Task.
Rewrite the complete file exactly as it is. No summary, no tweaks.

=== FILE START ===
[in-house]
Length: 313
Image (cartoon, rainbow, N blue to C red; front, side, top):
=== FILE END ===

[in-house]
Length: 313
Image (cartoon, rainbow, N blue to C red; front, side, top):